Have you ever looked at a towel and thought “OMG! I’m going to get sick from using it!”? If you’re old enough to remember the cotton roller towels in public washrooms you’ve likely had that reaction. Have you ever looked at a towel of a family member and wondered if it would make you sick?
I would hazard a guess that most people would think about the potential to pick up germs from high touch surfaces such as refrigerator door handles and the TV remote and most would not consider sharing toothbrushes, but towels? According to a recent study published in The Lancet Infectious Diseases, sharing personal hygiene items including towels could increase the risk for colonization of antibiotic resistant organisms like MRSA.
Over a course of a year, researchers made several visits to the homes of 150 children treated for MRSA infections. A total of 692 family members, as well as 154 cats and dogs, took part in the study. The researchers swabbed sinks, refrigerator door handles, bathroom , bath towels, bedsheets, light switches, telephones, TVs, video game controllers and computer keyboards and mice. The humans had their nostrils, armpits and groins swabbed, while the animals their noses and backs as this is where they are most often petted. By the end of the study, 3,819 samples were collected and analyzed.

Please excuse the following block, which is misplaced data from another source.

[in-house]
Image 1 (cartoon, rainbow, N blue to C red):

For the children, the of the child with the initial infection were found to be most often contaminated with . The refrigerator door handle was the most contaminated kitchen site; the sink was the most contaminated place in the bathroom and as most would expect, the TV remote was the dirtiest electronic device. From a transmission perspective, the dirtier the house was, if the home was rented and the larger the family size also contributed to the likelihood of additional members of the family becoming infected with MRSA. Surprisingly to the researchers, pets were more likely to catch MRSA from people than visa versa.
Researchers and healthcare providers agree that hand hygiene is the greatest method to stop the spread of disease, however, if a loved one comes home with an infection like MRSA, sharing of personal hygiene items should be avoided as once MRSA is in the home as this study shows it can be easily spread around, picked up by other family members and difficult to get rid of.
The next time you’re at a family members or friends house and use the washroom, will you look at the hand towel in the bathroom in a different light? If it’s wet, will you be wondering how many people have used it before you and what may be on it? I know I will!